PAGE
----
She raised her hands and used her thumb and forefinger to make a box shape.

“You have good awareness of what is occupying your surroundings Shalikova, but you are not understanding what your surroundings are and how they work, nor how you can best navigate them. It’s not about your basic piloting skill but getting the most you can out of the machine. That’s how you’ll get to the next level in your career.”

Shalikova frowned. “I don’t get what you mean. I thought I was being pretty agile in that fight.”

“Let’s look at it more broadly. Tell me, what are you moving through?”

“I mean. Water? What are you getting at? I’m not stupid.”

“Relax! Don’t take everything so personally. Alright, here.” Khadija raised her palm, wiggling her fingers. “Look at my hand. First, think of my hand as your Diver. You were moving primarily like this.” Khadija thrust her hand forward, palm out, as if to shove someone. “I was moving like this. Can you spot the difference?” She lowered her palm and pushed forward fingertips first. Shalikova blinked. She was trying to imagine a Diver moving like this instead of a hand.

“No? We’re both going forward.” Shalikova said. She immediately felt stupid for saying so.

Surface area. Water is not like air!” Khadija said. “Most of your thrust is in the backpack. So in the Academy they teach you to move forward while standing upright, like a soldier on the march, holding your gun in two hands: many Divers still fundamentally move this way because it is easier to orient yourself, watch your surroundings and respond. However, you will actually move faster if you tilt the Diver’s upper body forward of the rest. You present less surface area to the water; there’s less tension! You get more out of the leg jets too. Think of how you swim in a pool!”

Thinking about it further, Shalikova herself did swim parallel to the bottom of the pool. It was just– natural.

“By tilting forward, your upper body and shoulders break the water for the rest of you.”

Khadija lowered her chest and stuck her shoulders out with a wink, as if demonstrating.

Shalikova recalled Khadija’s magnificent, snaking movements.

Dashing through the water like– like a torpedo, a missile, a bullet. All the objects Shalikova wanted to compare it to were flat and long. There was indeed much less surface area trying to break through the water if the object was shaped like a bullet and launched out of a barrel with the same orientation a bullet had. That made some kind of sense.

“You weren’t always moving that way.” Shalikova said, trying to find some kind of caveat.

Khadija rested her head on her heads and shut her eyes in a placid little expression.

“Of course. You have to know when to use every tool in your arsenal. You are not piloting a bulkhead door through the sea, you know? Your Diver has four backpack jets, two leg jets, solid fuel boosters on the arms, legs and shoulders, fins on the hips, shoulders; you can pivot your upper body slightly, you can move the arms up and down, you can tilt the chest forward, you can tuck the legs back. All this range of movement gives you options. You can’t move any one way forever. It’s too predictable! I prefer to remain moving as much as possible, but even stopping can be a tool.”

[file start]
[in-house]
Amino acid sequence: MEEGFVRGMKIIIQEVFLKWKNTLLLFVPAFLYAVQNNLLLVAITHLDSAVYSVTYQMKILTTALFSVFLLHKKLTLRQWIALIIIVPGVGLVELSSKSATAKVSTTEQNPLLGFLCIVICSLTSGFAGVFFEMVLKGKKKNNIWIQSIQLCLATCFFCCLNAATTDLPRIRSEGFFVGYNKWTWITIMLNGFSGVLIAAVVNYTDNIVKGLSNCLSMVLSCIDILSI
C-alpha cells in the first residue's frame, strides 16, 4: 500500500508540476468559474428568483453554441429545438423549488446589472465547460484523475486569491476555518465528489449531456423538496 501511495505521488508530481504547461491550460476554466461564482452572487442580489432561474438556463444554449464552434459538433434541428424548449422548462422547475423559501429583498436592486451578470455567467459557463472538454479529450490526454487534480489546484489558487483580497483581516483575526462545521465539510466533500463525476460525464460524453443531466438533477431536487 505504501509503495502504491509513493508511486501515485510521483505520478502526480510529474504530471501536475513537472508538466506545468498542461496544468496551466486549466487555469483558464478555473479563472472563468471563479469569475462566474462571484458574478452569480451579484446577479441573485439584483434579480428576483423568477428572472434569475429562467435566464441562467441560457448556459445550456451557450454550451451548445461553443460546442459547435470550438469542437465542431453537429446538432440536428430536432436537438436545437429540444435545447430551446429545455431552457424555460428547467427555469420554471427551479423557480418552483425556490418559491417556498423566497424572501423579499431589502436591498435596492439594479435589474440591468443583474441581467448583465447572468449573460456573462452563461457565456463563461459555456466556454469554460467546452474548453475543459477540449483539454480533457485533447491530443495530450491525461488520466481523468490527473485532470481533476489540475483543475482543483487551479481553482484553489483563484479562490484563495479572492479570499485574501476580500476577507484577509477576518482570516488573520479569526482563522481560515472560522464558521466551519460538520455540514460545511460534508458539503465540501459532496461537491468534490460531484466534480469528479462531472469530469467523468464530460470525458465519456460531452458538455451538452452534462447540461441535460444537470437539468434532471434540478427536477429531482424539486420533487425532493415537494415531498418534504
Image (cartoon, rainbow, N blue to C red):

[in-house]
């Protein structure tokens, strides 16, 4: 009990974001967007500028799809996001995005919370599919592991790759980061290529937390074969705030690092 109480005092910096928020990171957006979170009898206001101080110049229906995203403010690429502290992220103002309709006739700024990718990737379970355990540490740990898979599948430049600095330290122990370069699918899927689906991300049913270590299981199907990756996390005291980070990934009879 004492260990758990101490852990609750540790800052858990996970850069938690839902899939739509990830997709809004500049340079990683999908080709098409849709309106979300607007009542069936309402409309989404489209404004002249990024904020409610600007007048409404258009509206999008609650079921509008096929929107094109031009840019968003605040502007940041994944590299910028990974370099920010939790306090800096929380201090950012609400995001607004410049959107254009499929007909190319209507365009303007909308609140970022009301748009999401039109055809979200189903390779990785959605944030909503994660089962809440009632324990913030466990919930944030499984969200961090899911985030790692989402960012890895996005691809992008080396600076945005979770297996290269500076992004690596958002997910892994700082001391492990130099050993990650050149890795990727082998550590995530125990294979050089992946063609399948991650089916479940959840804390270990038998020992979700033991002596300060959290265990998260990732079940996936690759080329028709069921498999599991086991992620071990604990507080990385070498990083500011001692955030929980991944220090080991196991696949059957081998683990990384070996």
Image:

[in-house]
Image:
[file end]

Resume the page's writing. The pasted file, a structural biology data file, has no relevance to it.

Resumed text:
“I’ll keep that in mind.” Shalikova said. “I guess I never really thought about it.”

It made sense. It got her thinking, imagining herself back in the cockpit. Moving.

“Another thing of fundamental importance.” Khadija said, smiling ever more broadly, perhaps realizing she had Shalikova’s attention. She really could pull an rector’s voice out of herself. “Underwater, you can move in any direction. You can dive deeper, you can climb the water table, you can thrust upward in a diagonal trajectory, you can move upside down, you can face the surface or the sea floor while thrusting yourself forward. You have to move in three dimensions. Most pilots will just move parallel to their enemy. It’s too easy to exploit them.”

There was a smug look to the cat’s red lips as she explained herself.

Shalikova blinked. Her eyes drew a little wide. She started thinking, ever deeper and with more detail. She could see her Diver, the ocean, every piece of gear, every possible movement. She was indeed not on a flat plane.

Khadija’s fluid movements had seemed so stunning in the moment.

Now Shalikova truly felt like she could see them. She saw herself at the controls–

“If you want, we can hop back in and I can show you what I mean.” Khadija said.

Shalikova stood up immediately. Her heart was surging. She wanted to fight Khadija again.

“Let’s go. One more round.” She said, trying her best to restrain her energy.

Khadija beamed at her and quietly accented.

They had a few more matches that night.

Her low opinion of Khadija improved somewhat. She was, at least, a decent teacher.


I did my quota of freaking out on the ship. Now I have to be firm. Shalikova told herself.

This was not a simulation. That was days ago. It was the real thing, out in the open Ocean.

There wouldn’t be thirty other Divers and a fleet picking up the slack like in Thassal either.

She was one of two, and she had to make every bullet and every moment count.